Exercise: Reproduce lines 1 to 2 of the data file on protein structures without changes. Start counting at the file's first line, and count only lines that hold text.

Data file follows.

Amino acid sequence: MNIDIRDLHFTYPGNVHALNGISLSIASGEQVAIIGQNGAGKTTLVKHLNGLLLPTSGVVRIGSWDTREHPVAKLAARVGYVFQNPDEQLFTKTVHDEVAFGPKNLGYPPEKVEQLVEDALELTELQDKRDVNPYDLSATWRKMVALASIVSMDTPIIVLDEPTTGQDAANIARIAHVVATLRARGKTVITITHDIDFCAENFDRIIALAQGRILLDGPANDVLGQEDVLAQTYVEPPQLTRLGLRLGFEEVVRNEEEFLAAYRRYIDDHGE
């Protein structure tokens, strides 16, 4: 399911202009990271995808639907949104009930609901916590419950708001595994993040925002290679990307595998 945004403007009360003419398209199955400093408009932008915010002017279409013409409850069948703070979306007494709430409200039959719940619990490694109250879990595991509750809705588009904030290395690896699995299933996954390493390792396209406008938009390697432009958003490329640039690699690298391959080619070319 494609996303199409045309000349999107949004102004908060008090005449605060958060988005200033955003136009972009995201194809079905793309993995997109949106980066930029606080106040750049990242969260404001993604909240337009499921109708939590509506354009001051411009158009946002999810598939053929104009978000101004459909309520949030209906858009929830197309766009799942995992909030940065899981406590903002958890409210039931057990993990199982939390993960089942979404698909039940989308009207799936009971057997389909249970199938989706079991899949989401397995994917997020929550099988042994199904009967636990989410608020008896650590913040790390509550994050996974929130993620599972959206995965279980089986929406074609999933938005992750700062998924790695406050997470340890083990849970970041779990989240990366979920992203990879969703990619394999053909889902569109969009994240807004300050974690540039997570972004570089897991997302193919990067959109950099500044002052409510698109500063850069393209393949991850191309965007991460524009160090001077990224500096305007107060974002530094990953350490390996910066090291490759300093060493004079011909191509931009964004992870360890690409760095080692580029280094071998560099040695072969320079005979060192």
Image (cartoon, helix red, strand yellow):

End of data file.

Amino acid sequence: MNIDIRDLHFTYPGNVHALNGISLSIASGEQVAIIGQNGAGKTTLVKHLNGLLLPTSGVVRIGSWDTREHPVAKLAARVGYVFQNPDEQLFTKTVHDEVAFGPKNLGYPPEKVEQLVEDALELTELQDKRDVNPYDLSATWRKMVALASIVSMDTPIIVLDEPTTGQDAANIARIAHVVATLRARGKTVITITHDIDFCAENFDRIIALAQGRILLDGPANDVLGQEDVLAQTYVEPPQLTRLGLRLGFEEVVRNEEEFLAAYRRYIDDHGE
């Protein structure tokens, strides 16, 4: 399911202009990271995808639907949104009930609901916590419950708001595994993040925002290679990307595998 945004403007009360003419398209199955400093408009932008915010002017279409013409409850069948703070979306007494709430409200039959719940619990490694109250879990595991509750809705588009904030290395690896699995299933996954390493390792396209406008938009390697432009958003490329640039690699690298391959080619070319 494609996303199409045309000349999107949004102004908060008090005449605060958060988005200033955003136009972009995201194809079905793309993995997109949106980066930029606080106040750049990242969260404001993604909240337009499921109708939590509506354009001051411009158009946002999810598939053929104009978000101004459909309520949030209906858009929830197309766009799942995992909030940065899981406590903002958890409210039931057990993990199982939390993960089942979404698909039940989308009207799936009971057997389909249970199938989706079991899949989401397995994917997020929550099988042994199904009967636990989410608020008896650590913040790390509550994050996974929130993620599972959206995965279980089986929406074609999933938005992750700062998924790695406050997470340890083990849970970041779990989240990366979920992203990879969703990619394999053909889902569109969009994240807004300050974690540039997570972004570089897991997302193919990067959109950099500044002052409510698109500063850069393209393949991850191309965007991460524009160090001077990224500096305007107060974002530094990953350490390996910066090291490759300093060493004079011909191509931009964004992870360890690409760095080692580029280094071998560099040695072969320079005979060192």